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12 Nov 2019


In an Australian Medicine column earlier this year, I mentioned the AMA’s support for the Council of Australian Governments (COAG) decision to establish a formal partnership with a Coalition of Peak Aboriginal and Torres Strait Islander organisations to refresh the Closing the Gap strategy. As part of this agreement, a Joint Council on Closing the Gap, comprising of equal representation from Government and the Coalition of Peaks, was formed to guide the Closing the Gap refresh and monitor its implementation over the next decade.

The AMA is pleased to see that at its most recent meeting in August this year, the Joint Council agreed to work towards a new National Agreement on Closing the Gap to ensure better health, education and employment opportunities for Aboriginal and Torres Strait Islander people. It is also pleasing to see that three priority reform areas have been identified to underpin joint efforts. These are:

  • Developing and strengthening structures to ensure the full involvement of Aboriginal and Torres Strait Islander peoples in shared decision making at the national, State and local or regional level and embedding their ownership, responsibility and expertise to close the gap;
  • Building the formal Aboriginal and Torres Strait Islander community-controlled services sector to deliver closing the gap services and programs in agreed priority areas; and
  • Ensuring all mainstream Government agencies and institutions undertake systemic and structural transformation to contribute to Closing the Gap. 

With Aboriginal and Torres Strait Islander people experiencing more disadvantage than other Australians across a wide range of areas, these priority reforms are key to making the new Closing the Gap agreement a success. Aboriginal and Torres Strait Islander people know what works best in their own communities and have long been calling for governments to heed their advice when it comes to developing new policies and programs.

When COAG established the Closing the Gap strategy in 2007 to end the health and social disparities between Indigenous people and their non-Indigenous peers, it was ground-breaking – it was the first time that governments undertook a concerted effort to improve the health and wellbeing of Aboriginal and Torres Strait Islander people. Despite this, Aboriginal and Torres Strait Islander people themselves were not part of the decision-making process.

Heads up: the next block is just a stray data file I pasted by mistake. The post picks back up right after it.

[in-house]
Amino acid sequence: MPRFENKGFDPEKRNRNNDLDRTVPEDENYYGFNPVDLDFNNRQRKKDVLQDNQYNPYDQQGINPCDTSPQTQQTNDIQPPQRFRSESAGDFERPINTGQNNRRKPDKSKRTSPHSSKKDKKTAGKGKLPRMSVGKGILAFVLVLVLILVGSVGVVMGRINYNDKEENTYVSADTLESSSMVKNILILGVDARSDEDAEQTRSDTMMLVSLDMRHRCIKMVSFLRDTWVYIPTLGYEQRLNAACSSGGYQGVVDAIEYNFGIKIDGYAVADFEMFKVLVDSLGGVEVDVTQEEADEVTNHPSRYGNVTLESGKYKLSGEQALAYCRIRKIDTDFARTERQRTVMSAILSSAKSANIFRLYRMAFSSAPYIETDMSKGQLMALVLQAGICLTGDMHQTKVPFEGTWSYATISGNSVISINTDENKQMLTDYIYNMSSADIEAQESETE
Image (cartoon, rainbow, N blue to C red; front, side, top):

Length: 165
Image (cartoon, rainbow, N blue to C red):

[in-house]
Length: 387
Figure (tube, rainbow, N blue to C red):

What followed over the next decade, was successive governments producing reports that showed consistent failures to achieve their own Closing the Gap targets, with the most recent report showing that only two of the seven Closing the Gap targets are on track to being met. The unacceptable progress against the Closing the Gap targets is reflective of the need to better incorporate the knowledge of Aboriginal and Torres Strait Islander people into policies and programs and include them in the negotiating process. This has long been called for.

While this new formal partnership with COAG, is a positive step forward, we still have a long way to go until Aboriginal and Torres Strait islander people can enjoy the same level of health and wellbeing as their non-Indigenous counterparts. Governments must ensure that this partnership is more than just symbolism – they must acknowledge the solutions that Aboriginal and Torres Strait Islander people have, and will, put forward and incorporate it accordingly into the refreshed Closing the Gap agenda.

The AMA is hopeful that this unique partnership between Aboriginal and Torres Strait Islander people and governments will provide a pathway for governments to achieve tangible improvements in life expectancy and other key health indicators for Indigenous Australians.



Published: 12 Nov 2019